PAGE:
There is no beer based on King of the Hill's "Alamo Beer". The Real Ale beer is actually called "Remember Alamo Golden Ale", but only in San Antonio, Texas. Everywhere else, it is called "Real Ale Firemans #4". Actually, as anyone who has ever been to Texas realizes, "Alamo Beer" is a parody of "Lone Star Beer", which has long semi-facetiously advertised itself as "The National Beer of Texas". This presentation is done along the same lines as "Luly's" for "Luby's" or "The Renaissance Faire" for "The Texas Renaissance Festival" and other satirical, yet obviously-apparent-to-locals, ways around potential copyright infringement. "Whataburger", on the other hand, is presented as-is, as are the "Dallas Cowboys".
Throughout the series, on the rare occasion that Bobby is seen playing Little League, he wears #3. This is an homage to Babe Ruth, another husky baseball player. This connection is confirmed in "King of the Hill: Bad News Bill (2009)", when the coach refers to him as "Great Bobino", a nod to Ruth's nickname of "Great Bambino".
When Cotton flees to Las Vegas, all of the hotel and casino names are fictional, but are parodies of real ones. For instance, the Golddust is a parody of an actual hotel and casino called the Stardust.
This show would go on to become Mike Judge's longest-running animated series, running for thirteen years, with Beavis and Butt-Head (1993) running for four years, then being revived in 2011, and The Goode Family (2009) lasting only one year.
This show features the last television appearance of John Ritter, who reprised his role as the voice of Eugene Grandy, the junior high school teacher during season eight. The episode was "King of the Hill: Stressed for Success (2004)," which was broadcast on May 2, 2004.
Breckin Meyer and Brittany Murphy had previously appeared in the film Clueless (1995), before voice acting on King of the Hill (1997). Both of them even voiced the same character, albeit at different stages of that character's life. Brittany Murphy voiced Joseph Gribble before he went through puberty, and Breckin Meyer voiced Joseph Gribble after he went through puberty. Murphy also voiced Hank's niece, Luanne Platter.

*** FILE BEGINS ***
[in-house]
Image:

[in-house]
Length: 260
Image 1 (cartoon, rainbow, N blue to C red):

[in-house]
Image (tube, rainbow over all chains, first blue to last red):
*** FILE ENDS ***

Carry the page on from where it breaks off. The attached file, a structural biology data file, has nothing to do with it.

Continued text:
The school which Bobby Hill attends, Tom Landry Middle School (named after the Dallas Cowboys football coach), really does exist. It is located in Irving, Texas, in the sub-division of Valley Ranch, just a few blocks down MacArthur Boulevard from the Dallas Cowboys' Office and Training Facility (most of the streets in the neighborhood are also named after Dallas Cowboy greats). This is not a middle school, but an elementary school in Valley Ranch.
Hank is seen as owning two pick-up trucks in the series. At the start of the series, he drives a '97 Ford Ranger. Later in the series, when he is forced to replace his truck, due to it being hit by a train, he upgrades to a Ford F-250. (The model year is unknown, but, the body style was in production from 1999-2006.)
In the episode "Arlen City Bomber," Lucky (voiced by Tom Petty) tells Bobby that he would help him "run down that dream" after Bobby leyments that he would like to taste a corn chip right off of the line. This is a reference to Tom Petty and the Heartbreakers song, "Running Down a Dream".
In the episode with the diving pig at the fair, the pig's most difficult dive is called the "Johnny Cash," and it must dive through a flaming ring. This is a direct reference to Johnny Cash's song "Ring of Fire".